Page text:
You are the only person who can help yourself to deal with your mental health. You have to take care of your body and mind. Good sleep, healthy food, regular physical activity, regular work (whichever work you are engaged in), reducing screen time and spending more time with family etc. are some strategies which may help us to take care of our mental health.

Stay Busy

It is basic psychology that when we are free we start thinking (especially have negative thoughts). So if we make ourselves busy in work then we may distract ourselves from these thoughts. Engage in productive activities at home to keep that stress level down.

Be In Contact With Family, Friends And Colleagues

If you are not at home, regularly speak over the phone with your family members, give them update about yourself and take from them too. If you are working from home then be in touch with your friends or colleagues virtually, ask them what they are working on? How they are dealing with the crisis? And share positive aspects of your daily lives.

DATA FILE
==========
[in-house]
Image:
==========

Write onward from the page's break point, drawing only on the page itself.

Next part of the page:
Don’t Avoid Your Anxiety

If you think that your anxiety in this pandemic will go by its own, then you may be wrong and it may lead to a higher level of stress. So if you are worried about anything which is leading to your anxiety, talk about it to your trustworthy friends and if it still carries on take professional help.

These are some strategies which may help us to deal with our mental health concerns. We have to keep working on it. Take care of yourself and your family’s mental health.

Note- Author would like to acknowledge Mamta Yadav, MPhil Scholar at CIP Ranchi, for her contribution

Featured image is for representational purposes only.